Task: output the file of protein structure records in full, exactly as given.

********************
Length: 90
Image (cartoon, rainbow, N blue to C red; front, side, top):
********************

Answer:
Length: 90
Image (cartoon, rainbow, N blue to C red; front, side, top):